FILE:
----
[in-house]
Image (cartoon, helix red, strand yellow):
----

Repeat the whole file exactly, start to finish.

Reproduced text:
[in-house]
Image (cartoon, helix red, strand yellow):